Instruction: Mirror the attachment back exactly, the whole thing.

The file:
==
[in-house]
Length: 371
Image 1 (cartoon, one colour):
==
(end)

[in-house]
Length: 371
Image 1 (cartoon, one colour):